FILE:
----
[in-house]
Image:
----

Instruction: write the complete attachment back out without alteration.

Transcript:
[in-house]
Image: